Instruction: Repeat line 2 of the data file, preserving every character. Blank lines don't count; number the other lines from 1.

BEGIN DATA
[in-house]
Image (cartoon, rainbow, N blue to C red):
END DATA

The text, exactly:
Image (cartoon, rainbow, N blue to C red):